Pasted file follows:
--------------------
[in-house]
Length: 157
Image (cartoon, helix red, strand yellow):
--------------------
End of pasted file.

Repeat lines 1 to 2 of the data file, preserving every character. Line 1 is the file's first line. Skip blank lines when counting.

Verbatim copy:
[in-house]
Length: 157